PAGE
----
Monday 27 January 2020

How to combine microservices and BigData?

"I've just joined a company and the architects love microservices but the developers love Big Data solutions. Do they mix? Can you point me in the direction of where I can read more about marrying the two together?" - Big Data Engineer working for a UK financial startup.

Microservice architectures are a tool to solve a specific problems an organisation might have. If you have problems that can be solved by using microservice architectures, generate 2-3 options and if the microservice route looks most promising, go for it.

Our general recommendation would be to focus on the problems you have to solve and the constraints you are working with, generate a few options and possible solutions and choose the one that seems most promising.

There will be certain scenarios where BigData and microservices will work well together, and others where they will not make sense. We would have to know more details to be of further help, please email contact us to schedule a call to discuss your specific requirements.

We recommend reading Sequoia's Guide to Microservices and Martin Fowler's blog on microservices as a good starting point to problems microservice architectures help solving.

Friday 17 January 2020

Traffic Parrot 5.10.0 released, whats new?

We have just released version 5.10.0. Here is a list of the changes that came with the release:


  • Added support for IBM®MQ message delays in replay mode
  • Added support for specifying multiple IBM®MQ queues, using queue manager names from ibm-mq-connections.json to record using syntax in script tab in the UI:
    # This is a sample comment
    QueueManager:'Local Docker MQ 9'
    # This is a sample comment
    QueueManager:'Local Docker MQ 9'


  • Ensure IBM®MQ channel connections are always released after use

Monday 13 January 2020

How can I distinguish mapping A (which belongs to service A) and mapping B (which belongs to service B)?

"How can I distinguish mapping A (which belongs to service A) and mapping B (which belongs to service B)?" - Intern at a global software development consultancy.

Good question!

You can use the URL or the service. For example, typically, the Users service will have a /users URL.Is this the case in your company as well? If you need more details please contact and we will be more than happy to help!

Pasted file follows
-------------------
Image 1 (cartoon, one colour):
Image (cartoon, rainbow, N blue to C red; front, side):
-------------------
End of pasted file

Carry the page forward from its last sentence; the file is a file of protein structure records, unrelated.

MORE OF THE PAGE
Sunday 12 January 2020

How to use Mockito to mock grpc ServiceBlockingStub?

"How do I use Mockito to mock grpc ServiceBlockingStub to throw StatusRuntimeException with a specific status?" - Java developer

You have a few options:
Note why mocking final, in this case, might be a bad idea: Mocking final classes or methods might be a bad idea, depending on the case. The devil is in the details. In your situation, you are creating a mock of the generated code, so you are assuming how that generated code will behave in the future. gRPC and Protobuf are still rapidly evolving, so it might be risky to make those assumptions, as they might change and you won't notice because you do not check your mocks against the generated code. Hence, it's not a good idea to mock the generated code unless you really have to.

Friday 3 January 2020

QAs testing microservices can use third party and backend mocks to speed up testing

While testing microservices you will often need to mock or stub the third-party and legacy backend systems.

Third-party and backend system mocks and stubs will help you resolve issues with:
* Setting up test data in third party and backend systems
* Simulating API and backend system error messages (for negative or sad path testing)
* Simulating protocol-specific errors (for negative or sad path testing)
* Simulating slow responses (for performance testing)

You can create HTTPgRPCJMS IBM MQ and other types of mocks with Traffic Parrot.
You can run Traffic Parrot in Docker and OpenShift and Kubernetes, which is what you need when working with microservice architectures.

For more details how to use mocks when testing microservices watch "How software testers can test microservices".

See the diagram below for example usage of Traffic Parrot when testing microservices: